Gunpowder, one of mankind's most disruptive innovations, made its European debut in the early part of the 14th century. Until then, "security" specialists had a simple, effective strategy: Build tall, thick walls to keep out enemies. An entire economic ecosystem had grown up around that strategy because it worked (if you could afford it).
Gunpowder changed all that. But it wasn't until the middle of the 20th century that the military strategies of nation states really evolved past the "tall, thick walls" approach.
We can draw similar analogies today when it comes to digital security. We know that cyber-warfare-- and its juvenile training ground cyber-crime--will be major problems. Yet, our strategy, at least for now, is to continue building taller-than-ever, thicker-than-ever digital walls around our data.
The digital economy that's being erected on the foundation of the Internet is nearly impossible to build "walls" around. It's too large and complex. (For more, check out Melanie Mitchell's 2009 book Complexity: A Guided Tour, published by Oxford University Press.)
Even more critical is the fact that complex systems can exhibit chaotic behavior under a range of circumstances because they can't be modeled statistically. Critical aspects of the Internet are always changing. Patterns of system load, available capacity and routing performance all fluctuate continuously and unpredictably.
While we can build and monitor statistical models for the "normal" behavior of the Net, the outliers catch us off guard. Control systems can become increasingly smart at dealing with many of these variables, but variables will multiply apace. From a security perspective, this adds significantly to the challenges we face. How do we tell the difference between a rare system outlier event and a deliberate attempt to push the Net into instability?
What we're facing is more akin to infectious disease control than it is to warfare: So how do we design an "immune system" for global e-commerce? How do we design a system that will constantly seek "pathogens" and create appropriate "antibodies" to kill them, without taking the network down with something akin to digital cancer or auto-immune disease?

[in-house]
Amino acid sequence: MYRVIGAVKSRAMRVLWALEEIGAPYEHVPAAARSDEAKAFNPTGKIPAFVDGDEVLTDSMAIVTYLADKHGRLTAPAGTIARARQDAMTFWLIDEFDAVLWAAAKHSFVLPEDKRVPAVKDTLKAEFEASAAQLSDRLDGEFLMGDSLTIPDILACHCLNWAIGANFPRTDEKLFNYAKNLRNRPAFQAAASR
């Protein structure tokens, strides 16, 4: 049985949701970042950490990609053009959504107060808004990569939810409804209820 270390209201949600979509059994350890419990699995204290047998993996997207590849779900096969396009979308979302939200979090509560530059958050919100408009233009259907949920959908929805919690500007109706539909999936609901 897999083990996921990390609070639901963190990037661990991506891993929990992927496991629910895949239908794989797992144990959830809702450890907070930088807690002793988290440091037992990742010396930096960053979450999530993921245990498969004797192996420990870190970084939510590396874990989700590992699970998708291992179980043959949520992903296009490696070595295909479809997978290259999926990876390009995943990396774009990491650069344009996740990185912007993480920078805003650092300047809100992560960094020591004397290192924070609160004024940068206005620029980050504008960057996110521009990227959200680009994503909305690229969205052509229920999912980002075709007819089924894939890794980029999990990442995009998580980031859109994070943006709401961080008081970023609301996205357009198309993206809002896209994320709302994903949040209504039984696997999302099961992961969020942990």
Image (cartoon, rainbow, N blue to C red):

One of the preferred historic defenses for the Internet was separation and dispersal. Lots of little ISPs and carriers might not be efficient (or easy to optimize), but it's hard to take down all of them at once. Many different engineering approaches--implemented in hardware and software--help protect the Internet from a "monoculture" attack in which a single vector can infect everything. Web 2.0 or 3.0 doesn't have to change that, but, in the name of standards and efficiency, it will probably try to.
Then there's the challenge of signal-to-noise ratio. If everything on the Web signals its condition all the time (which is increasingly the case), a good defense requires you to sift through a lot of normal data to find the things you need to pay attention to. When something critical fails and sends out a warning, it quickly impacts its neighbors, so they send out warnings too.
Before you know it, you have a blizzard of warnings, making it hard to detect the root cause and take action. Attackers will know this, so triggering false positives can be almost as effective as a real attack: It's just another kind of denial of service.
I see the potential that a network of global e-commerce represents. But I'm concerned that there's too much digital gunpowder for even the strongest, thickest walls to keep out.
John Parkinson is the head of the Global Program Management Office at AXIS Capital. He has been a technology executive, strategist, consultant and author for 25 years.
This article was originally published on 12-22-2010
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